If pension obligation bonds worked, governments wouldn’t need taxes.
In another must-read column for the Cranston Herald, Steven Frias applies his historian’s rigor to the step-by-step details of how Woonsocket’s experience with a pension obligation bond (which I mentioned a few weeks ago) managed to make its preexisting pension-fund disaster even worse while giving the two essential elements for a pension obligation bond to work even in theory:
In general, for a POB to save taxpayers money, two conditions should be met. First, the difference between a POB’s interest rate and the expected return on investing the POB’s proceeds must be large. If the difference is small, it leaves little margin for error. A low-interest rate to borrow the POB is necessary.
Also, the estimated return for investing the POB proceeds needs not only to be high, but also realistic over the long-term. In recent years, the estimated returns for pension funds have come down from over 8 percent to close to 7 percent. These estimated returns will likely need to come down further. In the long-run, stock market performance is linked to real GDP growth, and real GDP growth in the United States has declined over the last two decades.
Second, because the POB proceeds are being invested all at once, the investment into the stock market must be made when stock prices are low such as right after a crash. If the POB proceeds are invested towards the end of a stock market boom, the consequences will be disastrous. Timing is everything. As noted by the Center for Retirement Research at Boston College, “even over 15 to 20 years, the duration of most POB debt, interest costs can exceed asset returns.”
Frias has done important work, here, that elected officials will hopefully heed as the City of Providence seeks to walk down the same path, but I have to wonder if there isn’t a risk to describing so many details. Reviewing the first-this-then-that narrative of Woonsocket’s experience might lead somebody elsewhere to think, “Well, we can avoid that.” You can’t. There will always be something that goes wrong, and you can’t foresee the full 20-year debacle from the vantage point of any one decision.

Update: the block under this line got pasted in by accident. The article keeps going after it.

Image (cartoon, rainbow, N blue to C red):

As always, the first step to these making decisions is not to game out all the possible events, but to state simply and directly what it is you’re thinking of doing. In the case of a pension obligation bond, the municipality is proposing to take out a gigantic loan so that it can make a profit from the investment activity. Put aside the fact that it’s linked to a pension fund, because that is irrelevant, at this level; all that connection does is allow the municipality to hide the real risk behind the murky shadow of another massive investment risk (in the form of debt to former employees) that never should have been acceptable.
If this were a good idea, municipalities would do it simply to generate revenue. If it were as safe a bet as it ought to be even to be considered, municipalities that don’t have Providence’s pension problems should take out bonds in order to invest the money and use the proceeds as welfare, tax relief, or simply profit sharing for residents.
There’s a reason they don’t do that.
Featured image by Erik Mclean on Unsplash.